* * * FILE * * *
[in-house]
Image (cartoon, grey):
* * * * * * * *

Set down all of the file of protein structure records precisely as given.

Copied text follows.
[in-house]
Image (cartoon, grey):